Release Date: January 20th, 2015
Platform [Reviewed: Xbox One], Xbox 360, PC, PlayStation 3, PlayStation 4
Genre: Survival Horror
Rated: M for Mature
The original Resident Evil is a genre defining juggernaut that brought the survival horror genre in the eyes of mainstream gaming and was a hit with critics and gamers alike. In 2002, Resident Evil made its way to the Nintendo GameCube under the same name as a fully remade title featuring vastly improved graphics, reworked audio and voice acting, and implemented new areas, enemies, and gameplay mechanics. Now almost 13 years since the Remake’s release, a new generation will experience the game that set the bar for modern-day horror games while veterans will relive the terror in high definition.
S.T.A.R.S (Special Tactics and Rescue Service), a special force division of the Raccoon City Police Department split into teams “Alpha” and “Bravo”, are deployed to investigate a series of unusual cannibalistic homicides. However, while on their investigation, contact with Bravo team was lost. Sent to a seemingly unending ocean of forest in search of Bravo team, Alpha encounters ravenous dogs and run towards a mansion beyond the veil of trees. With your only way out blocked, you must brave the claustrophobic corridors of the Spencer Mansion and discover the origins of the horrors that stalk your every step.
Being a mix of puzzle-solving along with the constant moments of “fight or flight” is what Resident Evil was known for. Players will have to observe their current surrounding for points of interests in order to pick up certain objects like emblems or keys. These items don’t always have an obvious use, either not being useful until later on or must be combined with another item. When in the item menu you can “Use”, “Examine”, or “Combine” objects. Items like healing items can be used as is, but as aforementioned, you can combine certain items like magazines into its appropriate weapon or combining herbs to create more effective medicine. Examining items may yield secrets that you have overlook at first; if you’re stuck on a particular part, and you don’t know what to do next, try examining the items you have collected, you may just find what you were looking for.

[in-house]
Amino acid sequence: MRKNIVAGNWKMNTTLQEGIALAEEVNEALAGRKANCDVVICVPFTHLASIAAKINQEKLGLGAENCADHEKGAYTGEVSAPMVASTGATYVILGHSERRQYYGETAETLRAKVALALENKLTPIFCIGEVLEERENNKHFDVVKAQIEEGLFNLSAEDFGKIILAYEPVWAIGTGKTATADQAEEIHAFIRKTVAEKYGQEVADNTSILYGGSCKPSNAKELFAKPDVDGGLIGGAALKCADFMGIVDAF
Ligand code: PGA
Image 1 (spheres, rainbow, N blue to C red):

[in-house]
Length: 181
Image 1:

Your character’s inventory space is limited to only six slots at any given time and managing your items is a big part of surviving. Once you come across the first storage box you have a near endless space to keep all of you items, but you will still be plagued by filled pockets when wandering the mansion and seeing another item that you’d much rather have. Having you to go all the way to drop off items and come back may seem like a waste of time, and at times it does, but you will need to stock up on essentials no matter what.
Players will be equipped with a 9mm handgun and a survival knife as they begin their journey. When confronted with zombies aiming your weapon will lock on to the nearest threat in the vicinity. When taking aim you get into a stance to shoot and can’t move until you stop aiming. You can’t shoot at a specific point of an enemy’s body so it takes a varying amount of shots to take a single foe down. Not all combat will happen on your level and there will be creatures that will climb on the wall or hug the ground; you can aim your weapon upward or down to pick them off.